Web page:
Preaching is, at its essence, proclamation. I think we can all agree on that. I think we can also agree that the method for our preaching is to proclaim ("preach") the Word. Obviously, we are also commanded to preach "the gospel," but we who are 21st century Paleoevangelicals understand (hopefully) that the gospel is revealed exclusively through the Word.
I suppose one might stand in a pulpit and proclaim something. That would meet the essential technical definition of "preaching." What is proclaimed might even be true. That does not mean that the preacher has preached the Word.
My conclusion, which I suppose not everyone will accept, is that the preacher has no divine authority to preach a message that is not grounded in the Word. If he preaches biblical truth but fails to defend it from his text in the Word, he has not preached the Word. He may have spoken truth. He may have helped people in some way. God may have worked mightily through what he said.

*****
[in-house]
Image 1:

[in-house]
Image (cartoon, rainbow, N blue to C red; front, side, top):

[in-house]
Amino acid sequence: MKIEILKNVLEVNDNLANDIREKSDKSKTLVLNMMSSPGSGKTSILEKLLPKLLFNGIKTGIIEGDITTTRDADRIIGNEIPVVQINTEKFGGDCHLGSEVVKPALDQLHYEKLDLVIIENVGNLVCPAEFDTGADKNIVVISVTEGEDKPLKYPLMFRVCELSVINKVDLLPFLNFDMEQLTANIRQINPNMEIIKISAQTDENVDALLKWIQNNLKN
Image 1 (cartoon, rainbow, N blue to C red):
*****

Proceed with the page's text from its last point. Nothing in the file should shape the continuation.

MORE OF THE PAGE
But I'll say it again. He has not preached the Word.
I write all this simply because yesterday SI published an article that advances the notion that preachers are not bound to restrict their message to the truth contained in their alleged text, as long as what they say is consistent with Scripture as a whole. I appreciate the sentiment that seems to have motivated the article. Pride is always a bad thing, whether it is seated in the pew, planted on a couch, or speaking in a pulpit. Or typing on a keyboard.
Two questions come to mind:
1. If a preacher says good things but does not defend them from the text, isn't it just good advice, not preaching?
2. How are preachers who say good things without defending them from the text different from exegetical charismatics who follow similar methodology in what they consider to be the gift of prophecy?
Sam Sutter, the author, alluded to some admittedly difficult texts related to the use of the OT in the NT in his article, and Tom Pryde has written a helpful response. My cautiously articulated opinion is that the OT texts were used appropriately by the NT authors, who understood the Messianic nature of the OT far better than we do today. For further information on one of the texts Sutter notes, see this article:
John H. Sailhamer, “Hosea 11:1 and Matthew 2:15,” Westminster Theological Journal 63.1 (2001): 87-95.
If you want to investigate the matter in depth, set aside some serious time and read Sailhamer's Pentateuch as Narrative. The bibiliographical information there is quite helpful as well.